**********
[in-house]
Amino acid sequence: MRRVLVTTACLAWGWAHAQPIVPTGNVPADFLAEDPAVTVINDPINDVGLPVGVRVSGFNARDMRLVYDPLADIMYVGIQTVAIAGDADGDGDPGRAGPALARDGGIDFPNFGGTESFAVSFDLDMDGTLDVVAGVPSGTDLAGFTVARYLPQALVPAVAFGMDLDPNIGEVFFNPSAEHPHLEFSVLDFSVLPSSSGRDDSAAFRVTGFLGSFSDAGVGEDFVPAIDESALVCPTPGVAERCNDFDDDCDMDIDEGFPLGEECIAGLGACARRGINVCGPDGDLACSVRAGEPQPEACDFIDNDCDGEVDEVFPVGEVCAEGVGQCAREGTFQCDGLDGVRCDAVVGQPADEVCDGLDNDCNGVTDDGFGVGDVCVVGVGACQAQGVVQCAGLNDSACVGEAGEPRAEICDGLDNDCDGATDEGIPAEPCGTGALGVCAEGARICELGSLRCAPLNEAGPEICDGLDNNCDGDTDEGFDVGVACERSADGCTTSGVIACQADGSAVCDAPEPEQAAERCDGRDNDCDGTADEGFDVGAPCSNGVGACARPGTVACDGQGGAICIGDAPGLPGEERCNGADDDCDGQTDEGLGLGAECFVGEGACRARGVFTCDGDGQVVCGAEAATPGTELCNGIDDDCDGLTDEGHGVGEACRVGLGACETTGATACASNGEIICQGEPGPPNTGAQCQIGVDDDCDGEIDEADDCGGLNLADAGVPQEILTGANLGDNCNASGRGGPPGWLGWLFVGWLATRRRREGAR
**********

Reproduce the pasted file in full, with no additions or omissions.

[in-house]
Amino acid sequence: MRRVLVTTACLAWGWAHAQPIVPTGNVPADFLAEDPAVTVINDPINDVGLPVGVRVSGFNARDMRLVYDPLADIMYVGIQTVAIAGDADGDGDPGRAGPALARDGGIDFPNFGGTESFAVSFDLDMDGTLDVVAGVPSGTDLAGFTVARYLPQALVPAVAFGMDLDPNIGEVFFNPSAEHPHLEFSVLDFSVLPSSSGRDDSAAFRVTGFLGSFSDAGVGEDFVPAIDESALVCPTPGVAERCNDFDDDCDMDIDEGFPLGEECIAGLGACARRGINVCGPDGDLACSVRAGEPQPEACDFIDNDCDGEVDEVFPVGEVCAEGVGQCAREGTFQCDGLDGVRCDAVVGQPADEVCDGLDNDCNGVTDDGFGVGDVCVVGVGACQAQGVVQCAGLNDSACVGEAGEPRAEICDGLDNDCDGATDEGIPAEPCGTGALGVCAEGARICELGSLRCAPLNEAGPEICDGLDNNCDGDTDEGFDVGVACERSADGCTTSGVIACQADGSAVCDAPEPEQAAERCDGRDNDCDGTADEGFDVGAPCSNGVGACARPGTVACDGQGGAICIGDAPGLPGEERCNGADDDCDGQTDEGLGLGAECFVGEGACRARGVFTCDGDGQVVCGAEAATPGTELCNGIDDDCDGLTDEGHGVGEACRVGLGACETTGATACASNGEIICQGEPGPPNTGAQCQIGVDDDCDGEIDEADDCGGLNLADAGVPQEILTGANLGDNCNASGRGGPPGWLGWLFVGWLATRRRREGAR